Additionally, some of the reformulation occurs by crossing disciplinary boundaries and using the research findings and new knowledge of geologists, climatologists, evolutionary biologists, archeologists, paleo-anthropologists, demographers, economists, and the social sciences as they study Earth's history, evolution, agricultural productivity, urban planning, manufacturing, industry, consumption, and energy use. Scholars across the disciplines are committed to understanding developments as they have been and are now in the real world, not as imagined constructions without a scientific basis. Each discipline, with its own perspective, contains a unique theoretical structure and proof process. In essence, scholars may study the same subject from their traditional disciplinary perspectives but arrive at different places studying the same real world. In its own way, this book integrates great global transformations and evolutions, telescoped from planetary and human origins to modern consumption patterns and energy uses. Each effort to integrate disciplines as well as lo
cal, regional, national, and transnational histories makes the global transformations that draw on ecology and environment possible.
Earth's History and Human Origins
Because histories of humankind assume a global ecological system that made life possible and sustainable, they ignore the origins of Earth and its development over billions of years. Leaving little about Earth's history to the imagination, this book begins with an examination of the evolutionary history of our planet that made all life forms, including human life, possible and sustainable. As astronomer Carl Sagan famously said, we are all stardust. Our bodies are made of oxygen, carbon, nitrogen, and iron, all elements synthesized in the thermonuclear explosions of stars that seeded future stars with heavier elements.8 In its own way, as volatile as the universe, Earth's history is punctuated with massive tectonic movements that became a complex arrangement of continents.
According to many scientists, changes in the natural world provided the conditions for evolution. As Fred Spier has noted, plate tectonics may have played a dominant part in driving biological evolution, including human evolution. Continuous shifts in the position of Earth's land masses led to changes in the ocean currents, which influenced the global climate. I see this as an example of how dominant geological and climate regimes can influence human evolution.9
Although the science of human genetics and evolutionary biology are rapidly changing disciplines, their ability to map genetic and biological structures offers insights into our evolutionary history. In response to geological and climate changes a million and a half years ago, Homo erectus, an early hominid, whose genus, Homo, originated in eastern Africa about 2.5 million years ago (mya) developed anatomical features more closely identifiable as modern. An increased brain size, a flatter face and jaw, a tilted pel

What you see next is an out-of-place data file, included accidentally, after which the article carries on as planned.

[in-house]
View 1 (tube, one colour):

vis for walking upright, and longer limbs distinguished H. erectus from its hominid predecessors.10 Cultural changes accompanied the physiological ones. Paleo-anthropologists now believe that H. erectus may have numbered only 18,500 breeding individuals with offspring totaling about 30,000 when they began their migration out of Africa.11 Our understanding of the co-evolutionary processes of Earth and of humanity enhances our growing commitment to a historical interpretation based on ecological interdependencies.
Mass Migrations and the Rise of Agriculture
A cooling climate changed the tropical habitat of H. erectus and initiated its migration from eastern Africa to Eurasia, a million or more years ago. With intervals of hundreds of thousands of years separating them, other migrations followed, including the migration of Homo sapiens out of Africa about 100,000 BP. Warming climates, retreating ice sheets, the loss of habitat for Ice Age megafauna such as mammoths and other large herbivores, and extreme predation by hunters and gatherers may have created a nutritional bottleneck. The mass extinction of megafauna may have caused a buildup of fuel that suggests the human use of fire to clear woodlands and increase open spaces for the spread of seeded plants. For instance, fire-stick farming by Australian Aborigines created fine-grained landscape mosaics with greater small-animal diversity and increased hunting productivity.12 Extreme predation represents another early example of the human footprint on the natural world. One of its unintended consequences allowed smaller...